In which we dive into the eventful years of 1917. Makhno gets a lucky break, has a break-down, and Kerensky has a very bad year. Like, a Lenin-level bad year.
This is part three of a seven part series on the Ukrainian anarchist Nestor Ivanovich Makhno. If you want to get some context from the time of Catherine the Great (and her en-serfment policies), the dissolution of the Hetmanate and Crimean Khanate and Pugachev's uprising against Catherine the Great, click here. Or if you like to live dangerously, and fly without instruments or context, continue on ahead without clicking a single link. I dare you.
For a brief history of the Russia Civil War through music click here.
For my previous work on the callous and comically incompetent reign of Alexander Kolchak during the Russian Civil War in Siberia click here.
For the previous episode where we discuss Nestor's troubled childhood, the Mennonites and whacky assassination antics, click here.
Addendum and sources:
Anarchism was (and is) a global phenomenon. While we will be focusing on anarcho-communism (inspired largely by Kropotkin's works) in the Ukraine before and during the Russian Civil war, there were other anarchist uprisings against oppression and imperialism from the Congo to China before the goddamn Marxist-Leninists co-opted that too. I digress.
To make this video--and the ones that come after it--and get it within time constraints. I've had to make cuts to important events that occurred in each year I cover--this is an exercise in storytelling, and if I'm lucky enough, hopefully my abridged telling of (part) of Makhno's story will inspire you to check out the sources below for a bigger and more comprehensive picture. That said, let's get into the thick of it.
A quick timeline of the European history of anarchism might help place Makhno in context of his times (and get into our sources):
-In the 19th century, Pierre Joseph Proudhon (1809-1865) coined the term 'anarchist' and wrote extensively on mutualism in France. He also coined the term "Anarchism is Order without Power".
-Mikhail Bakunin (1814-1876) is the next anarchist thinker of note. Bakunin was focused on stripping the State (and the tsar, which was the embodiment of the Russian state) of power. Unlike thinkers like Lavrov, a populist who encouraged peaceful and incremental change brought about by the people themselves with help from intellectuals, Bakunin was strident in his calls for force to be used against the empire.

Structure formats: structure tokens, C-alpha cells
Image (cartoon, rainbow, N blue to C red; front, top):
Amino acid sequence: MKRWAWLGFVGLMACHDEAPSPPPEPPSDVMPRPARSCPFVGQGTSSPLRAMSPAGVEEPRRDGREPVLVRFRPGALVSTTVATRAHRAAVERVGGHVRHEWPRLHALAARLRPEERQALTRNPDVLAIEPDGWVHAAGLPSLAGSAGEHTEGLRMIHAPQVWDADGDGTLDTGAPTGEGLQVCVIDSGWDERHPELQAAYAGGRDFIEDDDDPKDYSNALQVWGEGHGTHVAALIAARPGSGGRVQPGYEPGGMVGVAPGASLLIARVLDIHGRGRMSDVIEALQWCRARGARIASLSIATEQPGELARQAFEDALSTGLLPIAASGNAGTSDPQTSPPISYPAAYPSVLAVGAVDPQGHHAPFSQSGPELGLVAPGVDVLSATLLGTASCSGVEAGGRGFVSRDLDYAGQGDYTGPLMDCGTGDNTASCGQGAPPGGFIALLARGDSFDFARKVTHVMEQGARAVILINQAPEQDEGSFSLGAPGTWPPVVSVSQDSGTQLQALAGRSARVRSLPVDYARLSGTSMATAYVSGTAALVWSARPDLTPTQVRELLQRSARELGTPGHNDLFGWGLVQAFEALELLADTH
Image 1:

He was not an admirable figure, being an anti-semite and rather obsessed with the destructive part of anarchism rather than the building of a world of democracy, voluntary association and no more masters. It is worth noting that Bakunin's exaltation of violence extended into the past--consider this passage from the Appendix A of Statism and Anarchism:
"There is one person who dares go against the mir [community]: that is the brigand. This is why brigandage is such an important historical phenomenon in Russia--the first rebels, the first revolutionaries in Russia, Pugachev and Stenka Razin, were brigands."
So, as we see, it wasn't just anarchist writers who knew Makhno personally like Voline, Belash and Arshinov who refer to Pugachev as a folk-hero for his defiance against the imperial state. Bakunin was doing it before Makhno was even born. According to Bakunin, the only person who could ever be truly free was the brigand.
It should surprise nobody that Bakunin was fast friends with the ur-nihilist, Nechayev. Nechayev was at once a darkly comical and terrifying figure who failed to run a terrorist cell. Nechayev wrote works on being a professional revolutionary that would shape, among other people, Lenin's tactics and conduct during the coup of 1917 and beyond. For Nechayev, the only important thing was that the state be destroyed--what came after never-so-much as entered his head.
Lastly, and most importantly, we have Pyotr Kropotkin. Certainly one of the most famous anarchists, and definitely one of it's greatest writers.
The works I used for this show are The Conquest of Bread and Mutual Aid, though we will be using quotes from his short pamphlet Anarchist Morality to illustrate key points.